I know a lot of musicians. Most of them say they are doing better now then before the internet. Why? Because they can go to their customers, the fans, directly. They don't need to sign with a label.

      Take Heather Dale for example. Every song Heather sells on ITunes earns her $0.70. Compare her to Amanda Palmer, who famously complained that her record label earned her nothing...

      What the internet has done, is allowed the artist and fan to cut out the intermediatary. Of course the Record Labels don't like this. Their sales are down, and they'll have to innovate to come up with a new business model.

      The same is happening with video, Nina Paley has done quite well out of 'Sita Sings The Blues', even though you can download it for free from her website.

      Bill C-32, and the WIPO Copyright Treaties that it supposedly tries to implement, are unenforceable, in part because working digital locks are not technologically feasible. Look at the United States, where the similar Digital Millennium Copyright Act has had no effect. Unenforceable laws are bad from a social standpoint, they teach disrespect for the Law as a whole.

      Copyright Reform is needed. But it needs to be evidence based, which the current bill is not. It also needs to include a provision making copyright non-transferable, except by inheritance, to prevent the Corporate Copyright Scofflaws from hurting the creators. I suggested this in a submission during the copyright consultation, and I think it would make a true difference to artists.



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      Randy Legault

      Dec 29, 2010 at 1:21pm

      Copyright is not a property right. It is a state supported monopoly tolerated for the reasons that it promotes creative activity. Any amount of restriction on distribution beyond what is necessary to promote production extracts monopoly rents and we know that, in principle, this is a bad thing.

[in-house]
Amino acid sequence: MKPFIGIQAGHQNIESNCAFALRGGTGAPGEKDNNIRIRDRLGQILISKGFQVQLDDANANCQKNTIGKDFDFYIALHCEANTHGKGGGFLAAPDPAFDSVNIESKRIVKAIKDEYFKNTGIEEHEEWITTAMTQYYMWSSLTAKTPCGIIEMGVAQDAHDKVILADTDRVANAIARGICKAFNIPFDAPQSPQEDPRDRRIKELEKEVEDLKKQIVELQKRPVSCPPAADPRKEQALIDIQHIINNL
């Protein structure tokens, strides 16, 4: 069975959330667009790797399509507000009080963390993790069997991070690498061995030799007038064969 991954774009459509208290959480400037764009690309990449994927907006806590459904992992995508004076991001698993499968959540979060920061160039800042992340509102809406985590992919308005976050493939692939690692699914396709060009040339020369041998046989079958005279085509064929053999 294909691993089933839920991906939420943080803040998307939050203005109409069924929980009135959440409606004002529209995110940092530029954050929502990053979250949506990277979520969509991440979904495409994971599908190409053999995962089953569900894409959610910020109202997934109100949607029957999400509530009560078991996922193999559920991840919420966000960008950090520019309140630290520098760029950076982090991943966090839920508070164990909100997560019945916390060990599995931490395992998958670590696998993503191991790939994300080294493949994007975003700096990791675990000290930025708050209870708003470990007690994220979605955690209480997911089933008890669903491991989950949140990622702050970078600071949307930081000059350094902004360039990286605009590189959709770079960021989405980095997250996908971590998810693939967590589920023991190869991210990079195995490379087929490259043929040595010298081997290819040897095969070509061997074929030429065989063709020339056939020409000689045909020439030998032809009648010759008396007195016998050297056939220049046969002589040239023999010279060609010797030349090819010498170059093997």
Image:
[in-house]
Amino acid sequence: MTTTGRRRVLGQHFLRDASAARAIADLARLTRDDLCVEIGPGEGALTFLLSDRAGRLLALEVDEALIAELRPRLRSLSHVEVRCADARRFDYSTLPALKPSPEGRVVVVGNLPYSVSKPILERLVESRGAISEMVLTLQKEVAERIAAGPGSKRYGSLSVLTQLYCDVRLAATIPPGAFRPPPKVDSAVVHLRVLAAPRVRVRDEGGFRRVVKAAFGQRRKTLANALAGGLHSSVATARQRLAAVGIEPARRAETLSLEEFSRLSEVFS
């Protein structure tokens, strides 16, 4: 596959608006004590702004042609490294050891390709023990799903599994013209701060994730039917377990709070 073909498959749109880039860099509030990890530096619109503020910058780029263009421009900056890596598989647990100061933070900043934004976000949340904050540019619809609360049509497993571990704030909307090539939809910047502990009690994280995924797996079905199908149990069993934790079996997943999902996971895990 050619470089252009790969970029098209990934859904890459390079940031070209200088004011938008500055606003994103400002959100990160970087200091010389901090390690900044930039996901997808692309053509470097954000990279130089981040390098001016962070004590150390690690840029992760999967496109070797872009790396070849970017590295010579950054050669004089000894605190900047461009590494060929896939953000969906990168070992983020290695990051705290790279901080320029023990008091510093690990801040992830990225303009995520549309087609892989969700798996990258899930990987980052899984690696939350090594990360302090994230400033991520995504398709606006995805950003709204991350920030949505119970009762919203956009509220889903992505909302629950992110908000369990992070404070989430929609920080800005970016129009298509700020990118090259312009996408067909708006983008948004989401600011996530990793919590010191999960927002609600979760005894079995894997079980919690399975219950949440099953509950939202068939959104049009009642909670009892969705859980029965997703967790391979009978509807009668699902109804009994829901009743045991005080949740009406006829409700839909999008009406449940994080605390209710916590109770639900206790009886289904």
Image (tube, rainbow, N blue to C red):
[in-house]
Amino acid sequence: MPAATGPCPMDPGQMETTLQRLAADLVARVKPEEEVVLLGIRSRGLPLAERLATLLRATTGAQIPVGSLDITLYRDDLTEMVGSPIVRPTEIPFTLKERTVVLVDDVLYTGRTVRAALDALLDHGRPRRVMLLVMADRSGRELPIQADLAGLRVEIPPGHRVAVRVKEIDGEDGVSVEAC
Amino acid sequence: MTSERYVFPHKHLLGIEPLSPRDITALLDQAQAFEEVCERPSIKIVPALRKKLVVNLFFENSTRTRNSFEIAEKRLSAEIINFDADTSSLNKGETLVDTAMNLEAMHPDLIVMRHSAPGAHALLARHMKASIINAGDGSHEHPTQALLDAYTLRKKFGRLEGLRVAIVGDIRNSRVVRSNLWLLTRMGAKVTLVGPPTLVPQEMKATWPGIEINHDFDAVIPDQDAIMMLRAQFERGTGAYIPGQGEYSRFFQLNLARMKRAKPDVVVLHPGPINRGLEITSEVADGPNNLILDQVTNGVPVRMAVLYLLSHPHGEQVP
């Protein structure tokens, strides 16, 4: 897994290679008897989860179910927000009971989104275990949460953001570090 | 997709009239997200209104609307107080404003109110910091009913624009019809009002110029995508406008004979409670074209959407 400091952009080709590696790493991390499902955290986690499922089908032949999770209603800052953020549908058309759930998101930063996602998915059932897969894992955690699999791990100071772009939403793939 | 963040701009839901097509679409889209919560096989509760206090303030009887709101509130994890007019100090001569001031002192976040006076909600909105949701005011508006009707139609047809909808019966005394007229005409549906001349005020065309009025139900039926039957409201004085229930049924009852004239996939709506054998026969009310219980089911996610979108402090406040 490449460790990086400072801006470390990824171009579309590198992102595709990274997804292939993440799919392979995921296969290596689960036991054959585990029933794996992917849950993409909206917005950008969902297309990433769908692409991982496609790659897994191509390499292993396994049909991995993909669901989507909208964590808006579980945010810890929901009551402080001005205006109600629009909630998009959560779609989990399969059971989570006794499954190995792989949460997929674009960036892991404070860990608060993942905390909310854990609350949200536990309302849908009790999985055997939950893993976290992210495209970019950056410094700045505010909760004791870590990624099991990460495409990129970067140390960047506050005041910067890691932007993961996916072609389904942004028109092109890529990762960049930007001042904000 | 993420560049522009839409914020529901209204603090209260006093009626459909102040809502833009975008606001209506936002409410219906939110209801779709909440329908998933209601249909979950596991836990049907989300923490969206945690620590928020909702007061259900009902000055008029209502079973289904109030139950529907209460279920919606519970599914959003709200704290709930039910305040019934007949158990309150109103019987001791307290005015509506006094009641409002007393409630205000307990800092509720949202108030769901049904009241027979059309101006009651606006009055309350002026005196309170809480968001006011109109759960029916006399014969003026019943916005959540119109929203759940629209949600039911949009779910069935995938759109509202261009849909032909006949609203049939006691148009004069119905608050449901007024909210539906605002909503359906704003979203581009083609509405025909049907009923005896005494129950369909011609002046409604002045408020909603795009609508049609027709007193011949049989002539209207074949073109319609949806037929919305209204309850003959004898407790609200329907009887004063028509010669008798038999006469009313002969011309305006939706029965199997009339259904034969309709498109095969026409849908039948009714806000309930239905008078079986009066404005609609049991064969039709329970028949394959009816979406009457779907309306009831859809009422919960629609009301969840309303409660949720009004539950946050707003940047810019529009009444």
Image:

Short (5 years?) but strong copyright protection makes more sense than what we have now but that oversimplifies things. I tend to side with Geist on the bill -- the digital lock protections must go.

      You want stronger rights, ok, but much shorter, ok?

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      Russell McOrmond

      Dec 29, 2010 at 4:18pm

      The CCC is primarily a front for collective societies. Collective societies offer an important financial service to creators when they are optional, but they don't "represent" creators any more than the president of my bank can claim to "represent" me politically because I happen to be a customer.

      As a creator who has been meeting with fellow creators for nearly a decade now, I can tell you that most of what Bill Freeman had to say is extremely controvercial and debated within the wider creator community. He and others like him from some of these groups claim to be a voice representing creators, when in fact these veiws only represent a decreasing subset of creators.

      I'm a creator who became involved in the copyright debate because various intermediaries were taking over copyright.